A Demat account allows you to hold equity and debt instruments in a single account. It should be noted that almost all stock trading transactions take place in dematerialized mode today. It is mandatory to open a Demat account to trade in the Indian stock exchange.
A Demat Account takes care of everything in stock trading. It facilitates
- Immediate transfer of securities
- Transfer of ownership
- Preservation and custody of securities, no worry about securities certificates being stolen
- Buying and selling of shares, mutual funds, and other securities
- Automatic and immediate debit/credit into the Demat account.
Therefore, as per the SEBI regulations and given the convenience factors in stock trading in dematerialized mode, one must have a Demat account.
Demat Account incurs several charges. There are account opening charges, annual maintenance charges, and transaction charges. These all depend on stock trading activities by investors. Investors are required to pay the charges in the form of:
- Demat Account opening charges
- Annual account maintenance charges
- Transaction Fees
- Demat and Remat of securities
- Delivery Instruction Slip Charges
- Consolidated Account Statement
Let’s discuss each of the charges involved in opening a Demat Account:
1. Account opening charges:
Demat account opening charges can be nominal or nil. Many brokers waive-off account opening charges. Some brokers offer to open Demat-cum trading account while some (mostly banks) offer a three-in-one account (savings account, Demat account, and trading account).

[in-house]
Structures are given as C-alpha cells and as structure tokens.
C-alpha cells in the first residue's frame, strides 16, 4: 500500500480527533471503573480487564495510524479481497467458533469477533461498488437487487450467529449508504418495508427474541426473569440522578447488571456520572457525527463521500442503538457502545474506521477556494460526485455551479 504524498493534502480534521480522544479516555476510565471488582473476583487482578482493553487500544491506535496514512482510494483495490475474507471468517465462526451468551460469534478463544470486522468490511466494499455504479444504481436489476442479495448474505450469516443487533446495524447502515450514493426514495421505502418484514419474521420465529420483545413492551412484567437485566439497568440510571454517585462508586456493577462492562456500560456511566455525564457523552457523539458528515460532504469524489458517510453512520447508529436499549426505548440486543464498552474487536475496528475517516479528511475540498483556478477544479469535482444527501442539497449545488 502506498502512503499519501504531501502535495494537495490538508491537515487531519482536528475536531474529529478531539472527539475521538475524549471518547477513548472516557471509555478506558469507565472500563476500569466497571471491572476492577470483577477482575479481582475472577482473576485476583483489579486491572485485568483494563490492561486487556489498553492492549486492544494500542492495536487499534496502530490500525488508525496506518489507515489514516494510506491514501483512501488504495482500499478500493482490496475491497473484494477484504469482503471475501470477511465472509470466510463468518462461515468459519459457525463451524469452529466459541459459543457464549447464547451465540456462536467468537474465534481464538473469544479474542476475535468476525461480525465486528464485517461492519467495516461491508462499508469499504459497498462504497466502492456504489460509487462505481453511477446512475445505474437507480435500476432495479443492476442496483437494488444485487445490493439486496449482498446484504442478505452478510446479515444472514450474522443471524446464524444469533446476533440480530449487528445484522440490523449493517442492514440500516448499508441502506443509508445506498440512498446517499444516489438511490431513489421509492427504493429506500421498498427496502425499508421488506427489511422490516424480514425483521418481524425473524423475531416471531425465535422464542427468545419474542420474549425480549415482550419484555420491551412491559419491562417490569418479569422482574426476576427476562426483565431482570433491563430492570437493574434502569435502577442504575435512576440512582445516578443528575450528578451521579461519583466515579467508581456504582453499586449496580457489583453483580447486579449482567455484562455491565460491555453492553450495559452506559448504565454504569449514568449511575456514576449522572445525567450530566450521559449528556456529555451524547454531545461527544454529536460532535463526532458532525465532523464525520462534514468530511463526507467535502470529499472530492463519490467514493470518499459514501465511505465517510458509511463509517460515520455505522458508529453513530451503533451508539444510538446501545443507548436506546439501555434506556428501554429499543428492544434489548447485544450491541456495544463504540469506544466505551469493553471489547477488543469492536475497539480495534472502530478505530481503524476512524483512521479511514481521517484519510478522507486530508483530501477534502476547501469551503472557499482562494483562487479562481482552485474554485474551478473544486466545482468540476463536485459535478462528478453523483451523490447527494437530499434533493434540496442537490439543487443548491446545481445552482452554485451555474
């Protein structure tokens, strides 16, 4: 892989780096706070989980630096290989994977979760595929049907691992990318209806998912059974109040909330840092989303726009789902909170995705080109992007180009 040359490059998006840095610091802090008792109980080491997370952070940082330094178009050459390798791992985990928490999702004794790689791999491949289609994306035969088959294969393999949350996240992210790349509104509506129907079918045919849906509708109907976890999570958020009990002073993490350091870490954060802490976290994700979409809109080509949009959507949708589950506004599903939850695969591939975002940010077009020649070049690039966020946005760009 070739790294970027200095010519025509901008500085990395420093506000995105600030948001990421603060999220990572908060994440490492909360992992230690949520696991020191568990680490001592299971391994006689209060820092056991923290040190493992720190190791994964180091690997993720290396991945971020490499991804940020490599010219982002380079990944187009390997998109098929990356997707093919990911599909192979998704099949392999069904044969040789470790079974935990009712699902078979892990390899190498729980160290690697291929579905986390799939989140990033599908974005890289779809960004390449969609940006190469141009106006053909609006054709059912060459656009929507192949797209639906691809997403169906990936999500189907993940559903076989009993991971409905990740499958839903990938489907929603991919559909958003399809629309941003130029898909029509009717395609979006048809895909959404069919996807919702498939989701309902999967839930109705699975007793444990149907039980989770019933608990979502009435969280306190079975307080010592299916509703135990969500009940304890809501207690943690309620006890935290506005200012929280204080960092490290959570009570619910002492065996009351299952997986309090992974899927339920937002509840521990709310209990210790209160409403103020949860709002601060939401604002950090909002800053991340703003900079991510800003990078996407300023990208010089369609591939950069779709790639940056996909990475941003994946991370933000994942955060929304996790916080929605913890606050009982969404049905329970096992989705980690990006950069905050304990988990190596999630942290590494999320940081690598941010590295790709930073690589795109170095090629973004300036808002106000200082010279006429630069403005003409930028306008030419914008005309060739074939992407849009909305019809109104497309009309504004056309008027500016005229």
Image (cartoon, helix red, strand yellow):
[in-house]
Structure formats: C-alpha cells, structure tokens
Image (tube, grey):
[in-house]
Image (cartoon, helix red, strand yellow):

2. Annual maintenance charges (AMC):
There will be an annual maintenance charge for your Demat account, and you need to pay a nominal annual fee for it. AMC can be charged between Rs.300 and Rs.2,500, depending on the broker. It may be charged quarterly or annually. Some DPs offer Free Annual Maintenance for the first year of the Demat Account opening.
3. Transaction Fees:
It is a fee levied on the stock market transactions. DPS may charge a flat rate per order or a percentage-based fee. It bases the transaction value, and it can vary across different brokerage firms. It is the fee the broker charges for providing you broking services. Full-service brokers provide research reports, trade advisory, and analysis tools, and hence their brokerages tend to be higher. Contrary to that, discount brokers offer basic infrastructure for trading and shareholding with Demat and trading accounts, so their brokerage tends to be comparatively lower.
4. Dematerialization Charges/Rematerialization Charges:
It is the fee to dematerialize/Rematerialize physical shares. A physical share certificate cannot be traded in the stock exchange. It must be converted to digital form- this process is called dematerialization. The opposite of this is Rematerialization. The security holder has to surrender the physical security certificates to the DP for dematerialization. Holdings registered in the name of the account holder can only be dematerialized. There is no rematerialization fee charged for Government Securities. There are many DPs in India, and the cost varies.
5. Delivery Instruction Slip Charges:
Delivery Instruction Slip (DIS) is used in all Demat transactions to transfer shares from one Demat account to another. It acts as a Cheque Book. The first DIS booklet, containing ten slips, is free for investors. And additional booklets are chargeable by your DP.
6. Consolidated Account Statement:
Consolidated Account Statement (CAS) is introduced by SEBI to monitor your investment portfolio. It can help you track the investments you hold – shares, mutual funds, bonds, debentures, or any other kind of securities, and it’s value. A small fee is charged to the investors for this.
Thus, the point to note is that though Demat Account opening charges may be nil, brokers do charge above specified costs for a secure and integrated system for stock trading that takes care of everything and their services that allows you to trade at the comfort level of your home by just passing instructions to your Depository Participant.